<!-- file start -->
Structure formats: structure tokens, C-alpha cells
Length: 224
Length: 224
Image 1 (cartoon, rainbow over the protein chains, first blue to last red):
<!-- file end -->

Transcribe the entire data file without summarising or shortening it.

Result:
Structure formats: structure tokens, C-alpha cells
Length: 224
Length: 224
Image 1 (cartoon, rainbow over the protein chains, first blue to last red):